I was asked yesterday, in a non-church environment, to write a short description of an incident in my life when I found myself “surprised by light.”

As soon as I heard the words “surprised by light” visions of last Saturday leaped into my mind. And so I wrote:

We are in the season of Christmas.

I have worked for the past forty Christmas seasons in the church. I know what Christmas is supposed to look like.

One of the things Christmas is supposed to look like in my little world is a gathering on an evening a few weeks before Christmas with a bundle of energetic children, young people and adults in the building where our community meets for worship.  We call this gathering our Christmas pageant. It is invariably a high-energy, chaotic, desperately cute, full of light and love retelling of the Nativity story.

This year everything is different. There are no physical gatherings in person of any kind in our church building. A pageant this year seemed simply impossible. But then in November someone approached me with a somewhat vague vision and a half-formed plan for a virtual pageant. It involved puppets, readers, people sharing their Christmas traditions, lots of music, original artwork from members of our community and a short talk and prayer by me to open and close.

I had almost no picture of what was being proposed or what such an undertaking might possibly look like or how it might ever come together. But there seemed to be energy and there seemed to be a vision. So, I just kept nodding my head and hoped for the best.

As the day to launch our pageant on zoom approached, in spite of my enormous respect for the planners and my confidence in their creative genius, I began to feel a little bit uneasy and anxious about our virtual pageant. It felt as if the potential for us to send an awkward jumble of disjointed pieces out into the world was pretty high.

I was not convinced anyone would show up on zoom to connect before the video was shared, or that they would last to the end even if they came.

As it turned out last Saturday evening, we had a lovely gathering time seeing people arrive for the pageant who in many cases some of us had not seen for eight months. There was a garble of greetings before everyone settled down and I introduced a video I had never seen and of which I had little concept of what it might involve.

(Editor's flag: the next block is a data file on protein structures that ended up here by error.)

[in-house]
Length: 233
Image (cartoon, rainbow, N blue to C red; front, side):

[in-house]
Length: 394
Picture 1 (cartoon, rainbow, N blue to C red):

Then for forty minutes I sat back and was surprised by light. The video was framed by a touching and humorous dialogue between two puppets discussing all we had lost this Christmas and how we might make up for these losses in our celebrations. It displayed magnificent works of art by members of our parish to illustrate the nativity narrative being read from various gardens. It invited us into peoples’ homes to see special Christmas traditions they follow. We heard carols sung by people we know and love from different parts of the city. And we viewed photographs filled with familiar faces from past pageants in the years when we were able to gather in the building.

The entire presentation was filled with tenderness and beauty. But, perhaps most profoundly of all, it felt authentically like us. It was a gift of ourselves to each other in honour of the mystery and wonder of this season. It was an incarnation of love, a gathering of little points of light coming together as a whole to shine with the beauty that is at the heart of this story.

As a bonus, thanks to zoom, the surprising light of this virtual pageant was able to be shared with people “in the congregation” from Ontario, northern BC, the US, and as far away as Uganda. The tragedy of COVID had once again produced a miracle of creativity and energy so that we might all be “surprised by light” even in the midst of a dark and difficult time.